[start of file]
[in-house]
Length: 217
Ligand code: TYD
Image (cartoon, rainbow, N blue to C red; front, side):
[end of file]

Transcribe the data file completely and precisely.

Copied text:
[in-house]
Length: 217
Ligand code: TYD
Image (cartoon, rainbow, N blue to C red; front, side):